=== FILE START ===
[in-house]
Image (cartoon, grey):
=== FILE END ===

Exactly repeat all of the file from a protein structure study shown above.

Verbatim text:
[in-house]
Image (cartoon, grey):